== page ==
EASTON — Seniors are an especially vulnerable population during COVID-19, given their increased co-morbidities. They often feel stressed and anxious due to the increased risk of not only contracting COVID but also suffering more complications if they contract the virus. Some seniors may also be feeling increased sadness related to the isolation caused by the pandemic.
According to Mary Beth Brinsfield, MSN, CRNP-PMH, PMHNP-BC, psychiatric nurse practitioner at For All Seasons, “A common theme I hear from my older patients is how they miss seeing their families, particularly their grandchildren.”
Rob Sanchez, MD, a family practice physician specializing in geriatrics and hospice medicine, said, “My senior patients have done pretty well, following the quarantine instructions and staying home.”
He added that fear seems to be the worst thing facing seniors. He encourages patients to listen to less television and listen to more music.
“I suggested that to a patient, and they called me to tell me how it helped them cope better,” he said.
Sanchez also gives hope to his patients by telling them that at some point there will be a vaccine for coronavirus and that the medical community knows more about the virus now than they did in February and March.
His wife, Lynn Sanchez, a mental health advocate who also works in her husband’s practice, echoed his sentiments about music, “Music can transport us. Seniors can listen to the music channels on cable television or their Alexa or Spotify. You may even ask a senior family member to dance outside with you.”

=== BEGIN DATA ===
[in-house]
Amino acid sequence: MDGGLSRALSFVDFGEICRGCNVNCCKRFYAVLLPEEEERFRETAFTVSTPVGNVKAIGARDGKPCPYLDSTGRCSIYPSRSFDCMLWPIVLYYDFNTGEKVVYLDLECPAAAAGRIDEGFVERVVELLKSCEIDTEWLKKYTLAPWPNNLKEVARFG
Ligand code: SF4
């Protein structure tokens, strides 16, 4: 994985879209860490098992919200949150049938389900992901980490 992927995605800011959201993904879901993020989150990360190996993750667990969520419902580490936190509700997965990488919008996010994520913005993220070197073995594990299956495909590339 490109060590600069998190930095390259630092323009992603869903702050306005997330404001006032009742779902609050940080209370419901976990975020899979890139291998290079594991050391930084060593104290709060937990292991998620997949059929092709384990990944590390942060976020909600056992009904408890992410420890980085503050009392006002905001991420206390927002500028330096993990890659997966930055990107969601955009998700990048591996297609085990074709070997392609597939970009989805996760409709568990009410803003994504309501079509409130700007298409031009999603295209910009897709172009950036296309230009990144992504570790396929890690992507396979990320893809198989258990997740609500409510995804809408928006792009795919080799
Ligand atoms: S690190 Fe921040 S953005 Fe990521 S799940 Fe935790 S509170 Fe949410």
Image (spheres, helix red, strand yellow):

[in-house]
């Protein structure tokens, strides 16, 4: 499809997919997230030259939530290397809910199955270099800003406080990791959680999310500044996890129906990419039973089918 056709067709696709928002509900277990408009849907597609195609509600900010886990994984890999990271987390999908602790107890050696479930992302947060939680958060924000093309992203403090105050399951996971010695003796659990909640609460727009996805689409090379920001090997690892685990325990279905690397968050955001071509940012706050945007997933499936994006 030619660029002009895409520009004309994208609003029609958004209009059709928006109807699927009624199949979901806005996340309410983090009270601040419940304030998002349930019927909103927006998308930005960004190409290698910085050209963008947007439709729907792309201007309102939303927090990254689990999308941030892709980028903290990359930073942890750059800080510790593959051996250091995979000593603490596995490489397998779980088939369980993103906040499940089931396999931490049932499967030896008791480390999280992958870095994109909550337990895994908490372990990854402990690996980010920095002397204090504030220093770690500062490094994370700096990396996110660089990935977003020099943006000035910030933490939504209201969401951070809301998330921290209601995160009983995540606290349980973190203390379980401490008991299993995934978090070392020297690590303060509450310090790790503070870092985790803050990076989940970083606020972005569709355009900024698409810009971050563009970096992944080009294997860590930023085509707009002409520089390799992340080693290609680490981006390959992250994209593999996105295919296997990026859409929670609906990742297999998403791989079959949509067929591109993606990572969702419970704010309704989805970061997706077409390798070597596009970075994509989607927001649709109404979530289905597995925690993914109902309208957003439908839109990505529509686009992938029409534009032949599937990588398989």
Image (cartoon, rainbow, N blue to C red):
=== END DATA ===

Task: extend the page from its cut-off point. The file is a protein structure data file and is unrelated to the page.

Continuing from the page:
In a recent article, “Coronavirus and COVID-19: Caregiving for the Elderly,” by Alicia Arbaje, MD, MPH, Ph.D., who specializes in internal medicine and geriatrics at Johns Hopkins Medicine, Arbaje said, “Physical distancing doesn’t have to mean isolation or loneliness. We need to keep older adults safe, but also keep in mind that social isolation can have a negative impact on older people’s immunity and mental health.”
She encourages technology for helping seniors stay connected, showing them how to video chat with others using smartphones, laptops, or tablets and how to use apps on these devices to provide captions for adults with hearing challenges. She added, “Encourage friends and family outside of your household to telephone, write notes or send cards to lift your loved one’s spirits.”
“Planning drive-by visits, having grandchildren color pictures or write letters is an easy way to help seniors not feel as isolated and helps to keep them in communication with loved ones,” Brinsfield added.
She said as neighbors and friends, we can do similar acts that can have a positive impact. Checking in on seniors to make sure they have their basic needs met will help to alleviate the anxiety of how they get food supplies (another stressor) or…
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